Senate turns to popular military construction bill
The chamber took up a $109.2 billion Military Construction-Veterans Affairs measure, the most politically popular spending bill and one that President Bush has decided not to veto even though it is $4 billion above his request. A similar House version passed on a 409-2 vote.
As with the House bill, the White House issued a Statement of Administration Policy saying while Bush would not veto the measure, he would veto other spending bills unless $4 billion in offsets were found.
The chamber interrupted consideration of the Military Construction-VA bill to spend three hours debating the nomination of former House Budget Chairman Jim Nussle, R-Iowa, before confirming him as director of the Office of Management and Budget.
Majority Leader Harry Reid, D-Nev., said the Senate "plans to devote considerable time this work period" to appropriations, including passage of three more spending measures before adjourning Sept. 12 for the week in observance of Rosh Hashana. The House has completed work on all 12 bills, but the lack of Senate action has prompted the White House and congressional Republicans to go on the offensive against Senate Democrats.
"This almost certainly means we'll soon be looking at an appropriations train wreck here in the next few weeks, followed by a continuing resolution to keep the government running," Senate Minority Leader Mitch McConnell, R-Ky., said Tuesday on the floor. He noted that Democrats took his own party to task last year when Senate Republicans failed to complete action on appropriations bills.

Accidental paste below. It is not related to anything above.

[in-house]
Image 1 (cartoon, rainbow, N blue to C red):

After completing the Military Construction-VA bill early this week, Reid said the chamber would turn to the $34.4 billion State-Foreign Operations bill. The measure is $700 million below Bush's request, but contains abortion language similar to House version language that prompted a veto threat. Reid said the chamber will then take up the $104.7 billion Transportation-Housing and Urban Development bill, also likely to receive a White House veto threat over spending levels.
The only hint of controversy in the Military Construction-VA bill so far is a provision authored by Sen. Dianne Feinstein, D-Calif., that would block a Bush administration proposal to allow portions of the 388-acre West Los Angeles VA Medical Center to be developed for commercial purposes. Labeling the provision an "earmark," the SAP said the administration strongly opposes it, estimating it could cost $4 billion in lost revenues.
A Feinstein spokesman said her office has not previously seen that figure, and that she put in the language to ensure the land is used only for veterans' facilities and not commercial development. Similar language was removed from the spring Iraq supplemental in last-minute negotiations because of White House objections.